2017 Utility Fee Survey Results – Part III
This is the last of three consecutive Utility Information Pipeline issues reporting the results of the 2017 Utility Fee Survey, an update to the original Utility Fee Survey in 2012 and the 2015 Utility Fee Survey. The survey was designed to research what fees utilities charge, how much they charge for each fee, and to see what changes have taken place in the last two years.
118 utilities, representing 19 states, ranging in size from 88 to 75,000 active accounts participated in the survey.
The first issue summarized the demographics of the survey respondents as well as water and sewer tap and impact fees. The last issue dealt with delinquent fees and policies. Today’s issue explores the remaining fees.
The Utility Fee Survey has become a biennial survey, alternating years with the Utility Staffing Survey.
As was the case in each of the previous surveys, the results include too much information for a single issue. If you’re interested, here are the results from the 2012 and 2015 Utility Fee Surveys:
Returned check fees
Of the 118 participating utilities, only one does not charge a returned check fee. For the other 117 utilities, returned check fees range from $10.00 to $50.00, as this graph illustrates:
Interestingly, of the 117 utilities who charge a returned check fee, only 64 (or 54.7%) charge the maximum fee allowed by their state. 27 utilities (representing 23.1%) charge less than the maximum allowed and 26 (or 22.2%) charge more than the maximum allowed.
If you’re interested in seeing how your fee compares to the maximum allowed for your state, here is a table with all 50 states.
In one of the earliest Utility Information Pipeline issues, I wrote about application for service best practices. One of my recommendations was to charge a non-refundable application fee, in addition to any security deposit, to all new accounts. This year, 56 of the 118 utilities (representing 47.9%) responding to the survey charge such an application or administrative fee. This is down from 51.9% in 2015 and 52.3% in 2012. These application fees range from $5.00 to $150.00 as shown below:
This year, for the first time, the Utility Fee Survey asked how much utilities charge as a transfer fee for transferring service from one account to another. 52 of the 118 utilities (representing 44.1%) charge a transfer fee ranging from $5.00 to $100 as shown in this graph:
Meter reread fees
28 of the 118 utilities (or 23.7%) charge a meter reread fee if the customer requests their meter be reread. This is virtually unchanged from 2015, where 23.6% of responding utilities charged a meter reread fee. In many cases, this fee is waived if it turns out the customer was correct and the utility misread the meter. Of the utilities that charge a meter reread fee, the fee ranges from $5.00 to $45.00 as this graph shows:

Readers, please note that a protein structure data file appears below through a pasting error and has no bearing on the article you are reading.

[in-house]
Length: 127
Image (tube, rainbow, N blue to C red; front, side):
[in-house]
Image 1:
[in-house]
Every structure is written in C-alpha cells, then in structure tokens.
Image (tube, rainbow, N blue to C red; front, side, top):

Meter tampering fees
91 of the 118 utilities (or 77.1%) charge a meter tampering fee. This is up from 73.6% in 2015 and 60.2% in 2012. Eleven utilities charge the actual cost of repairs or cost plus an administrative fee. Three charge a fee that depends on the type of meter tampering or damage done to the meter. Four more utilities recover their costs through the judicial system. Ten utilities have an escalating fee that increases with each meter tampering offense. The remaining 63 utilities charge a flat fee ranging from $10.00 to $1000.00 as shown below:
Of the ten utilities that charge an escalating fee, here are the charges for the first, second and third offenses:
One of my earliest issues explained why I believe utilities should accept credit cards. Of the 118 utilities responding to the survey, 105 of them (or 89.0%) accept credit cards. This is an increase from 81.1% in 2015 and 62.5% in 2012, so credit card acceptance is quickly becoming a standard practice for most utilities. Of the 105 that do accept credit cards, 62 of these charge a convenience fee on at least one form of credit card payments as shown below:
This year, for the first time, the survey asked if the convenience fee is charged by the utility or by a third party. By a large margin, most convenience fees are assessed by a third party as shown here:
The convenience fees charged by these utilities are too diverse in how they are assessed to be graphed, so they are presented here in a table:
In addition to the fees that have been described in the three results issues, the survey asked what other fees utilities charge. Below I’ve listed a few of the more creative fees that were reported:
Meter test fee
A number of utilities charge a fee if the customer requests that their meter be tested. The survey didn’t specifically ask about meter test fees, however most do not charge the fee if it turns out the meter is, in fact, registering incorrectly.
Return trip fee
When turning a meter on, most utilities will not leave the water on if the meter indicates water is running inside the house and no one is home. This requires the utility to make a return trip when the customer is home to turn the meter on again. Several utilities charge a return trip fee to cover the time and expenses involved in returning to the customer’s home.
Same day connection fee
A number of utilities routinely provide next day service for activating new accounts. A few of these utilities charge an additional fee for providing same day service.
Field collection fee
Most utilities have adopted the best practice of not collecting money in the field on cut-off day. At least one utility still allows customers to pay the field technician to avoid being cut off and they charge an additional $25.00 to provide that service.